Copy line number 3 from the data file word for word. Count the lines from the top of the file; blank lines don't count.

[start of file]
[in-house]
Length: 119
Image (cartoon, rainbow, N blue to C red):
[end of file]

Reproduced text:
Image (cartoon, rainbow, N blue to C red):